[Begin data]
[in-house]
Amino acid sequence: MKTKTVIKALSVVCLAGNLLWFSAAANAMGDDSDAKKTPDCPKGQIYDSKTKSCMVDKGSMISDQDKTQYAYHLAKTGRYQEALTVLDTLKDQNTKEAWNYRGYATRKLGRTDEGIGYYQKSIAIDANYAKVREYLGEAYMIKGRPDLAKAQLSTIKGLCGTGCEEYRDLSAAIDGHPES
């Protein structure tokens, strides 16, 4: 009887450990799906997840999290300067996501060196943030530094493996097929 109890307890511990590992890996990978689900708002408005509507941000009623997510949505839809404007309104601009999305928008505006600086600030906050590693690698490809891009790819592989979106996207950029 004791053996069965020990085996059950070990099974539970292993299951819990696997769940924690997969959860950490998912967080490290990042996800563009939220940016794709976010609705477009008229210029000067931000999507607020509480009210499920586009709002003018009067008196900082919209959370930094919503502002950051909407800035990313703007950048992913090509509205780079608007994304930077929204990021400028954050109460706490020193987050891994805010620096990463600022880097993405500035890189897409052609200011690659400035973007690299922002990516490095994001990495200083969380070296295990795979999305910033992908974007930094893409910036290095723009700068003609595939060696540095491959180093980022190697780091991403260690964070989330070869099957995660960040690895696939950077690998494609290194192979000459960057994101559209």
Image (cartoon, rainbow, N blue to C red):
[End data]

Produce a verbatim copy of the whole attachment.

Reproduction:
[in-house]
Amino acid sequence: MKTKTVIKALSVVCLAGNLLWFSAAANAMGDDSDAKKTPDCPKGQIYDSKTKSCMVDKGSMISDQDKTQYAYHLAKTGRYQEALTVLDTLKDQNTKEAWNYRGYATRKLGRTDEGIGYYQKSIAIDANYAKVREYLGEAYMIKGRPDLAKAQLSTIKGLCGTGCEEYRDLSAAIDGHPES
């Protein structure tokens, strides 16, 4: 009887450990799906997840999290300067996501060196943030530094493996097929 109890307890511990590992890996990978689900708002408005509507941000009623997510949505839809404007309104601009999305928008505006600086600030906050590693690698490809891009790819592989979106996207950029 004791053996069965020990085996059950070990099974539970292993299951819990696997769940924690997969959860950490998912967080490290990042996800563009939220940016794709976010609705477009008229210029000067931000999507607020509480009210499920586009709002003018009067008196900082919209959370930094919503502002950051909407800035990313703007950048992913090509509205780079608007994304930077929204990021400028954050109460706490020193987050891994805010620096990463600022880097993405500035890189897409052609200011690659400035973007690299922002990516490095994001990495200083969380070296295990795979999305910033992908974007930094893409910036290095723009700068003609595939060696540095491959180093980022190697780091991403260690964070989330070869099957995660960040690895696939950077690998494609290194192979000459960057994101559209």
Image (cartoon, rainbow, N blue to C red):